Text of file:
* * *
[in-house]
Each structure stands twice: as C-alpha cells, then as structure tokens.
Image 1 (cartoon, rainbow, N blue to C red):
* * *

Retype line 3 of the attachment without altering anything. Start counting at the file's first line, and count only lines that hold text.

Image 1 (cartoon, rainbow, N blue to C red):